Ghulam Mohiuddin

M Khalid BAshir - Sub Engineer




Syed Kosar Ali Shah – Rod Man




Sarwar Butt – Rod Man

9 April 2011

Zahir Ahmed - Sub Engineer

Ch M Hanif (Chairman – WUA)

Fayaz Ahemd - Sub Engineer

Ch Wali

Rashi A Zafar – Deputy Project Dirctor

M Mansib




Haji Ramzan

Khwaja Faqir (WC)

Malik Ashiq

M Ishtiaq

Haji Ali Mohammad

M Ishaq

M Jamil

Khushee Mohammad

M Akbar

M Saleem

M Ishfaq

M Mushtaq

M Ramzan

M Ashraf

M Rab Nawaz

M Fayaz

M Aslam

M Rashid

Ch Gul Mohammad

M Qasim

Ch Idrees

Mahmood Ahmed

Ch Ilyas

Sardar Mohammad

Khizer Hayat




Khalil Ahmed

Taqi Pur (WC)




Ali Buksh

Ch Abdul Ghani - DO

Haji Ajaz Ahmed (Chairman QUA)

Shah M Asghar – DDO

M Ibtahim

Malik Nazar Abbas

Nazir

Ch Ishtiaq Ahmed – WMO




Ch M Arshad – Supervisor

Wahgah (WC)

Malik Khizer Hayat – Supervisor

Mehdi Hasan

Malik Shahbaz – Rod Man

M Tayab

Muneer – Rod Man

Roshan Khan

Saeed Akhtar Gardezi – Supervisor

Qari Ahmed Khan







M Ramzan – Chairman WUA

Ghulam Mutaza – Polo Abiari (SSC)

Rana Ghulam Nabi

Shabir Hussain and others (farmers)

Rana Ashraf

Shah Nawaz

Akbar Khan

Tahir Iqbal – GM Countryside Natural Products (farm) and others

Khan Baig




Arif Khan

8 April 2011

Makhan Khan

Ahmed Ali – DO Okara

Jamal Khan

Gulzar Ahmed – DDO Okara

Sarfaraz

Hafiz M Abbas – PWMC (Consultants)

Rana Nadeem

Adnan – AE

Habib Khan

Rana Altaf – Agronomist, Sahiwal

Manzoor Balooch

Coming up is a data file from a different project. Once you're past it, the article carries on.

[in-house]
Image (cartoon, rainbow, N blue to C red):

Ch Sadfar – DO Sahiwal

Javaid

Kazim Sattar - AAE

Zubair

Rana Waqar Ahmed – DDO

Ali NAwaz

M Farukh Irshad – AAE

Allah Rakha

Shahbaz Hussain - Supervisor

M Arshad

Safdar Ali DO

Allah Bukhsh

Waqar A Khan DDO

M Jawaid

M Ayub - Supervisor

Adeel

Haji Riaz Ahmed - Supervisor

Akram




Manzoor

M. Ashiq Babar and others (farmers)

Malik Ghulam Shabir – PD – Thal Cotton Project

WC 79430 L

Mahar Bagh Ali – DDO

M Ramzan

Javaid Hussain – WMO

Abdul Mannan




M ashiq Babar

Ahmed Mujtaba

Saif ur Rahman

Ghulam Kibria and others

Abdur Rahman

M. Asad Imran

Abdullah

Hasan Imran

M Akbar

Riaz Hussain

Abdus Sattar

Fayyaz Hussain

Maqsood Ahmde

Bashir A. Khan

M. Anwar

M Jahangir and others

Abdul Khaliq




M. Manzoor

10 April 2011

M. Mansha

Rana Munawar and others

M. Shaukat

M. Hussain and others

M. Mushtaq

Sardar Nasir Abbas Magsi and others

C.2. Participants of Consultation Workshops

Workshop in Islamabd on 4 May 2011.






Name of Participants

Designation

Department / Organization



Mr. Natiq Hussain

Chief, Planning & Evaluation Cell

Agriculture Department



Asad Ullah Sayed

Director General

Pakistan Environmental Protection Agency, Islamabad



Dr. Aurangzeb Khan

Chief (Environment)

Pakistan Planning Commission



Mr. Zia-ul-Islam

Director, PEPC

Ministry of Environment, Islamabad



Mr. Tahir Anwar

Director General, FWMC

Ministry of Food & Agriculture



Dr. Shagufta Shahjahan

DG (EPD),

Environmental Protection Department, Punjab




Dr. Manzoor Ahmed Malik

Director (Research)

Pakistan Council of Research in Water Resources (PCRWR)